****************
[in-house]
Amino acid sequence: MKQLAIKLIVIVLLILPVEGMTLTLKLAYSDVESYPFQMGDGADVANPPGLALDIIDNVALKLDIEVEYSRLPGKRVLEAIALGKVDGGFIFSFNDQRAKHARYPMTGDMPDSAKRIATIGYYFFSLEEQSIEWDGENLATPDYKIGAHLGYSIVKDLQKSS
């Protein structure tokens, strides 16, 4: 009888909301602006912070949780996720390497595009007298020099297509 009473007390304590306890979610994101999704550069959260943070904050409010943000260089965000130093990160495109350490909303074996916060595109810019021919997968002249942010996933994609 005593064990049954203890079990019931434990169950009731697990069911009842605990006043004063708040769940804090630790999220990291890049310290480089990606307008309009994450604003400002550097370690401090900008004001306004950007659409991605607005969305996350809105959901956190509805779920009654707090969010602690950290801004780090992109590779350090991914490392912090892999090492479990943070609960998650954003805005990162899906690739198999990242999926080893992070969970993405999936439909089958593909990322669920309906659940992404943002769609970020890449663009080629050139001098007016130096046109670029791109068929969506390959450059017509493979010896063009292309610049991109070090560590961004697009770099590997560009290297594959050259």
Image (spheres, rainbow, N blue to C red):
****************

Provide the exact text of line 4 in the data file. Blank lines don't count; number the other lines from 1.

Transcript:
Image (spheres, rainbow, N blue to C red):